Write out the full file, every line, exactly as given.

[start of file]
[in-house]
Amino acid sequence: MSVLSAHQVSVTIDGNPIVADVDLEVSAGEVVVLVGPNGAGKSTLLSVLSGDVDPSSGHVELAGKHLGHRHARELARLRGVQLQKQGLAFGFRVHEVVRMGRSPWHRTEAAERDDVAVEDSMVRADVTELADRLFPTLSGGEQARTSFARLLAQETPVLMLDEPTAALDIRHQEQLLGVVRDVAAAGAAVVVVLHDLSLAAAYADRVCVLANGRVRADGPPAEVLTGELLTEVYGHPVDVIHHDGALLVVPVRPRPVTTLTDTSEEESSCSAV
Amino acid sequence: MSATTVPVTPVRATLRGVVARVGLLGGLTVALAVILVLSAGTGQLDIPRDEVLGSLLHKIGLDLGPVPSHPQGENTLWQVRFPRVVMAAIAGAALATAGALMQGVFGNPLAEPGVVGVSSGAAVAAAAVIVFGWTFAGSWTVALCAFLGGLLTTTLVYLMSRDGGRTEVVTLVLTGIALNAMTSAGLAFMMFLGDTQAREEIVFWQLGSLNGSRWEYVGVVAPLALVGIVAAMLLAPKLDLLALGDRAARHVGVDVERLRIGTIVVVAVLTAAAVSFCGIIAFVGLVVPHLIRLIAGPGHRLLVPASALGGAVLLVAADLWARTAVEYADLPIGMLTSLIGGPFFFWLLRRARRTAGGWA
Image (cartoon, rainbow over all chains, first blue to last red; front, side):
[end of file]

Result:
[in-house]
Amino acid sequence: MSVLSAHQVSVTIDGNPIVADVDLEVSAGEVVVLVGPNGAGKSTLLSVLSGDVDPSSGHVELAGKHLGHRHARELARLRGVQLQKQGLAFGFRVHEVVRMGRSPWHRTEAAERDDVAVEDSMVRADVTELADRLFPTLSGGEQARTSFARLLAQETPVLMLDEPTAALDIRHQEQLLGVVRDVAAAGAAVVVVLHDLSLAAAYADRVCVLANGRVRADGPPAEVLTGELLTEVYGHPVDVIHHDGALLVVPVRPRPVTTLTDTSEEESSCSAV
Amino acid sequence: MSATTVPVTPVRATLRGVVARVGLLGGLTVALAVILVLSAGTGQLDIPRDEVLGSLLHKIGLDLGPVPSHPQGENTLWQVRFPRVVMAAIAGAALATAGALMQGVFGNPLAEPGVVGVSSGAAVAAAAVIVFGWTFAGSWTVALCAFLGGLLTTTLVYLMSRDGGRTEVVTLVLTGIALNAMTSAGLAFMMFLGDTQAREEIVFWQLGSLNGSRWEYVGVVAPLALVGIVAAMLLAPKLDLLALGDRAARHVGVDVERLRIGTIVVVAVLTAAAVSFCGIIAFVGLVVPHLIRLIAGPGHRLLVPASALGGAVLLVAADLWARTAVEYADLPIGMLTSLIGGPFFFWLLRRARRTAGGWA
Image (cartoon, rainbow over all chains, first blue to last red; front, side):